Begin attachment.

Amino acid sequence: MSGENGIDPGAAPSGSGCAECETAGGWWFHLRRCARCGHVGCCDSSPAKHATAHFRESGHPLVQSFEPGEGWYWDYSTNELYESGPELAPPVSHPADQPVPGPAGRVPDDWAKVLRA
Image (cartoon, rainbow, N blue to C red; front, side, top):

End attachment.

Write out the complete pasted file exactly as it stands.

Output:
Amino acid sequence: MSGENGIDPGAAPSGSGCAECETAGGWWFHLRRCARCGHVGCCDSSPAKHATAHFRESGHPLVQSFEPGEGWYWDYSTNELYESGPELAPPVSHPADQPVPGPAGRVPDDWAKVLRA
Image (cartoon, rainbow, N blue to C red; front, side, top):